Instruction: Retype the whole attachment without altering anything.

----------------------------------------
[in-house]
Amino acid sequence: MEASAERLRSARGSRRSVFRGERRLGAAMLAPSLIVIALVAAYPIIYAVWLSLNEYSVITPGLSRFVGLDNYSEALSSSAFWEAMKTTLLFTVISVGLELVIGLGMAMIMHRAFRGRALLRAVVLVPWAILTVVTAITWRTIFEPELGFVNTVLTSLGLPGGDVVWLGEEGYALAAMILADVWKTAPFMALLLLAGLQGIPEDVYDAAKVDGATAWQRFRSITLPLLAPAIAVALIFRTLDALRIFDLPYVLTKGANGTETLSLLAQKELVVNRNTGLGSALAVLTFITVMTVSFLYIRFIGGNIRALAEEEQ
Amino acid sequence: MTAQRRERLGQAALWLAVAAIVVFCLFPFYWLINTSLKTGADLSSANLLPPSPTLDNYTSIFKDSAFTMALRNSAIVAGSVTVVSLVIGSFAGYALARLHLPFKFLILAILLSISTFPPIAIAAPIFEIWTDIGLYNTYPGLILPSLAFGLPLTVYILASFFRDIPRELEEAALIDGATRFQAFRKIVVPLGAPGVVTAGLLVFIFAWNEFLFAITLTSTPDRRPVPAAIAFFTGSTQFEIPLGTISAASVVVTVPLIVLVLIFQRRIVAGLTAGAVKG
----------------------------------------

[in-house]
Amino acid sequence: MEASAERLRSARGSRRSVFRGERRLGAAMLAPSLIVIALVAAYPIIYAVWLSLNEYSVITPGLSRFVGLDNYSEALSSSAFWEAMKTTLLFTVISVGLELVIGLGMAMIMHRAFRGRALLRAVVLVPWAILTVVTAITWRTIFEPELGFVNTVLTSLGLPGGDVVWLGEEGYALAAMILADVWKTAPFMALLLLAGLQGIPEDVYDAAKVDGATAWQRFRSITLPLLAPAIAVALIFRTLDALRIFDLPYVLTKGANGTETLSLLAQKELVVNRNTGLGSALAVLTFITVMTVSFLYIRFIGGNIRALAEEEQ
Amino acid sequence: MTAQRRERLGQAALWLAVAAIVVFCLFPFYWLINTSLKTGADLSSANLLPPSPTLDNYTSIFKDSAFTMALRNSAIVAGSVTVVSLVIGSFAGYALARLHLPFKFLILAILLSISTFPPIAIAAPIFEIWTDIGLYNTYPGLILPSLAFGLPLTVYILASFFRDIPRELEEAALIDGATRFQAFRKIVVPLGAPGVVTAGLLVFIFAWNEFLFAITLTSTPDRRPVPAAIAFFTGSTQFEIPLGTISAASVVVTVPLIVLVLIFQRRIVAGLTAGAVKG